There is never any harm in asking! A few nights I was in one of India's agricultural areas where there is NOWHERE to wild camp at all. It got dark, and I needed to get off the busy road. Luckily I found this madrassa and was allowed to camp on the front lawn, they even brought me a bucket of water to wash which is the ULTIMATE luxury before bed while cycle touring. + kudos and thanks for looking out for the bike traveller! A shrewd eye might notice a black band around my ankle. I will explain. Several weeks ago I arrived in Shillong where I planned to stay only a few days to write a blog. I had been cycling for several months since badly tearing a ligament in Jaipur where I had physiotherapy for five weeks. On a night out in Shillong I was walking down a steep hill and mis-stepped. It took a fraction of a second and I felt the ligament tear again. I called up my sister in tears, not from the pain as I was too drunk for that. It was because that was the third time it had torn in the last five months. It was frustration, and worry about the feasibility of continuing this journey with what has become a considerable physical liability. I had time to think it over the next morning. I knew I wanted to continue. At least to give it one more go. One more multi week layoff. Luckily Shillong is a young and energetic city and an excellent place for r&r. Fast forward three weeks and I have set off once. Now I am strapped up to the nines and spend so much time staring at the ground before my feet that I am far more likely to deal myself serious injury by walking into a lamp post. Anyway, for anyone wondering why north east India is taking me SO long, there is an explanation.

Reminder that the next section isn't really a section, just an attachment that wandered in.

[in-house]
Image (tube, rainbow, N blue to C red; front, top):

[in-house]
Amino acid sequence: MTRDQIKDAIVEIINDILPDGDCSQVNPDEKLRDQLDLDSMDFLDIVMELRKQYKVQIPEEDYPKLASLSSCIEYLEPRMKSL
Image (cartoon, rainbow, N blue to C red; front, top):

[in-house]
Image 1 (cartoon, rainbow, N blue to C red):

My coffee enthusiasm began in Jaipur while I was working out how to spend a five week lay off from cycling. I began to take an interest not only in the end product of this delicious bev, but also the complex, lengthy and often unpredictable journey which the humble coffee seed goes through en route the final cup of a speciality coffee. Coffee cultivation has been practised for centuries in north east India, but has only become commercialized in the past few decades. Coffee is a difficult crop to grow and proper education is crucial to develop high quality beans. It is companies like Smoky Falls in Shillong, Meghlaya, who are driving the local industry, encouraging and educating local farmers in the area to begin the process. I had the pleasure of visiting their roastery and spending more than an hour chatting and brewing freshly roasted coffee in my aeropress for the family. Thank you Smoky Falls for a wonderful afternoon!
Big thanks to the excellent mechanics at @procycling_shillong for a general tune up. New chain after 5000kms, rear wheel true, BB clean and gear tweaking. All set up now for the next phase, heading into Myanmar and then south towards Singapore.
A few days ago I was stuck for somewhere to sleep as it can be tricky to find a quiet camping spot in the agricultural gangetic plains of India. In these situations it is best to enlist the help of the locals, so I stopped at a Police station to ask if they had any suggestions. Bhadra, pictured with me here, immediately cleared out an office in the station and installed a proper bed with a mosquito net and all! The following day I was an hour out of the Police station town when Bhadra caught up with me in his car to give me this traditional Assam headscarf, after having not slept all night due to having been on shift! I will treasure it and remember his kind actions every time I wear it (though likely I will wear it round my neck!)
My favourite kilometers of the day are almost always the first. In the winter the evenings are dark by 5.30 so I an usually in bed by 8. Accordingly I am often awake and on the move early and get a glorious hour or so of cool beautiful light that feels like it is just for me. Uttar Pradesh state land is almost exclusively used for agriculture, but that doesn't stop those pretty moments.